Now, how to tie Kasia’s possible desire to liberate herself to the notecard tucked in Crowding Memories? How to tie her to Eugénie Hubbard? My earlier conclusion that Mahoney was likely the student in her relationship with Hubbard certainly fits well with her reputation as being a linguist of great talent, especially for her age. She would have been thirteen years old when she gifted the book to Mademoiselle Hubbard in 1925, and therefore even her awkward French could have been viewed as an achievement. We have no conclusive evidence that Hubbard was the teacher who led her to such commendable linguistic efforts, but we can surmise that since Hubbard was a native speaker of French and that their age difference was probably too great for them to have been mere friends, she was likely an authority figure for Mahoney. Hubbard’s application for a passport to the United States reveals that she was born in Paris, France in 1861, making her no less than fifty-one years older than Mahoney, and that she immigrated to the United States in 1906 and therefore spent considerable time in France.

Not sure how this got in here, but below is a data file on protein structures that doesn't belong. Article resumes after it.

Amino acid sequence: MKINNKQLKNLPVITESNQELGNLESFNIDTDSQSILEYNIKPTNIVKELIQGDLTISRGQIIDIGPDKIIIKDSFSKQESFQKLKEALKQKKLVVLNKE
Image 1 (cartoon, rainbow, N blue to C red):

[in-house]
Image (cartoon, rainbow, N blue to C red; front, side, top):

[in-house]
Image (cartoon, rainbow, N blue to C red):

Eugénie Hubbard's 1906 Passport Application shows that she entered the United States with no planned occupation but did intend to reside at University Station in Charlottesville

Eugénie Hubbard’s 1906 Passport Application